The Global Expatriate’s Guide To Investing Has Just Been Released On Kindle

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My new book, The Global Expatriate’s Guide To Investing is available for download now on Kindle.

I hope you enjoy it… and find it helpful!

Cheers, Andrew

The Global Expatriate’s Guide To Investing – Kindle Edition

P.S. Don’t forget to leave your review on Amazon!





Andrew Hallam

I’m a financial columnist for Canada’s national paper, The Globe and Mail, as well as for AssetBuilder, a financial service firm based in Texas. I’m also the author of Millionaire Teacher: The Nine Rules of Wealth You Should Have Learned in School (2nd Ed. Wiley 2017) and The Global Expatriate’s Guide To Investing: From Millionaire Teacher to Millionaire Expat (Wiley 2015). My mission is to educate, motivate and inspire people on basic retirement planning and best practices for investing, using evidence-based strategies. I'm happy to comment on your questions. However, please read the Terms of Use, Privacy Policy and the Comments Policy.

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12 Responses

  1. Sean says:

    Oops…one more point!

    In your book you mentioned that Vanguard often drop their prices.
    I can happily report that in the past few weeks Vanguard dropped the TER for VEUR from 0.15% to 0.12% and VUSA from 0.10% to 0.07%.

  2. Lynx says:

    My pre ordered kindle copy of your latest book was delivered early and I read it over the weekend. Great book for a beginning investor. It walks through all the steps and provides a clear path to invest. I was however a bit disappointed you did not include a profile on a ‘global investor’. What I mean is a person who is from a country that has no developed stock market and are looking to invest for their future retirement. I came up with my own solution by using a global stock market index and a global bond market index in addition to a high yield savings. In this situation, I am not sure what the currency bias should be though.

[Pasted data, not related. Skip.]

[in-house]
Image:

Great read over all.

    • Hi Lynx,

      Thanks for the comment. By the way, where are you from?

      What you could easily do is this:

      Build your portfolio with a global stock index, a European bond index and a Canadian bond index. You could likely open an account with Saxo Capital markets or Interactive Brokers. And you could pull the ETF tickers from my book. This would give you full global exposure. I had some portfolio examples, in the book, for people who were convinced they weren’t moving back to their home countries. For them, I made the portfolios as broad as possible. I think you could do the same.

      Cheers,
      Andrew

      • Lynx says:

        Hello Andrew,

        Thank you for your reply. I am from the Caribbean. Our local currency is pegged to the US dollar so I thought a dollar based bond strategy would be most effective. The Vanguard world index is what I have allocated for the equity exposure and I am looking for an option for a bond index. I don’t like the thought of paying the IRS estate taxes but need to explore the alternatives a bit more with the currency exchange issue.